By Kiana Kisino, Contributing Writer
Posted 10:15 AM EST, Fri., Nov. 18, 2016
Howard University students were introduced to the new Director of Student Life and Activities at a town hall meeting, Tuesday, November 15. Katherine Outlaw, who has worked in higher education since the age of 18, stepped into her new role hitting the ground running. Within her first five weeks, she has already made changes consistent with her vision for the school’s activities department.
“In my five weeks here, all the locks have been changed for the doors for student organizations, the offices have been painted, along with all the ceiling areas that were changed, because there were holes in the ceiling,” said Outlaw about the new locks, paint, and tile throughout the Blackburn Center.
Roughly 17 students attended the town hall meeting, many of whom were executive members of various campus organizations. To better understand the student body’s concerns, questions, and solutions, Outlaw placed posters around the room for students to anonymously voice their concerns. While she was able to address a few complaints, she was not satisfied with the turnout.
“The people who did not show up may complain, but they weren’t here to help with the change.”
For those who were there, they felt hopeful about the meeting and the future of student activities. Angelica Pozo, president of Jewels, Inc. said, “The event was very helpful and very transparent. As an executive member, the stress that I’ve had has always been the hassle with Howard.”
Other student officials found their frustrations rooted in the lack of appreciation by the school for their work. Emir Bailey of Phi Beta Sigma Fraternity, Inc., Alpha Chapter, was vocal about his disdain for the little recognition the organization receives in return for all they do for the university. As a representative for C.A.S.C.A.D.E. (Coalition of Activist Students Celebrating the Acceptance of Diversity and Equality), an LGBTQ student organization at Howard University, Bailey also felt strongly about the functionality of the group.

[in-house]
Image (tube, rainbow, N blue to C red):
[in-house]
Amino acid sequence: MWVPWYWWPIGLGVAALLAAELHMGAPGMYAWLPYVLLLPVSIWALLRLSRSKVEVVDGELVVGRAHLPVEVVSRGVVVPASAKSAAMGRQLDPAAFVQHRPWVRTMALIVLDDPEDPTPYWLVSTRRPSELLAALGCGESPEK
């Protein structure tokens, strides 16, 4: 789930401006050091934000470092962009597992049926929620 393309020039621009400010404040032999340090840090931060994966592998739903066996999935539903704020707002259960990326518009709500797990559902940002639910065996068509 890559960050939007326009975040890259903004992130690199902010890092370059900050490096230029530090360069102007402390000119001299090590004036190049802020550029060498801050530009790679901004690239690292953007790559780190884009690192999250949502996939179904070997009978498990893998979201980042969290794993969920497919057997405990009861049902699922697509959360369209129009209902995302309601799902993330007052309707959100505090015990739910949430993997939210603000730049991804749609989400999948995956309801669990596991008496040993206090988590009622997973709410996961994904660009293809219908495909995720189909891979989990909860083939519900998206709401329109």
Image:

“There is no reason that this room should not have been packed tonight. I think that people need to take this more seriously, because there will be the people complaining about what’s going wrong, but they weren’t a part of the conversation.”
Outlaw lives her life by being proactive not reactive. She plans to start on a clean slate by repairing broken gym equipment in Burr and creating clear policies. Through research, she’s found that the biggest issue between the university and its organizations is a lack of communication.
“The policies in the student handbook are very interesting, everyone should read it!,” said Outlaw. “A lot of things that we are asking questions about are actually in the student handbook.”
With an outlined list of plans to initiate change, starting with hiring new staff, Outlaw expressed that she is on the road to assist in bringing back “Bison Pride.”
“When you come to my office, you’ll get what you need,” Outlaw said. “If you get a ‘no’ from me, you’ll know why, because customer service is important to me.”